Project BackGround

This thesis project is in the framework of a Von Karman Institute (VKI) research project, which involves a PhD thesis [21] and several short training programs (STP) and research master (RM) projects. A summary of these works here proposed.

1.1.1 M.A.Mendez: Behaviour of jet impinging

Mendez [18] studied experimentally the jet impinging responses according to several ge-ometrical configuration, namely the dimensionless impinging distance ( ˆZ = Z/d) (aper-ture inlet), the adimensional height ( ˆH = H/d) of the stagnation point and two interface shapes (M). The investigation was carried out by means of high speed Flow Visualiza-tion (FV) and the time-resolved Particle Image Velocimetry (PIV) acquisiVisualiza-tion with two image processing algorithms and Proper Orthogonal Decomposition (POD) analysis [13].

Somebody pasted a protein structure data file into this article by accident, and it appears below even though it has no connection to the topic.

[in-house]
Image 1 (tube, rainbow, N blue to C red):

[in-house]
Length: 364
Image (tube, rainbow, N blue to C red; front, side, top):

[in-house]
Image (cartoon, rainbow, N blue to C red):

For the different interfaces several conclusions were drawn: • Interface

– The size of interface (M) has a strong impact in the amplitude of the oscilla-tion but not on the dimensionless frequency. In all the cases, the jet response starts with a deflection towards the bump side, followed by a almost sym-metrical oscillation with the amplitude growing as the interface deformation evolves. Instead, the position of the jet flow origin with respect to the inter-face (parameters ˆZ and ˆH) determines whether the self-sustained mechanism is triggered or not.


Figure 1.2: Different configuration experiment: four heights from the impinging point ˆH, three perpendicular distances from the curved wall ˆZ and two configurations for curved wall. Figure taken from [13].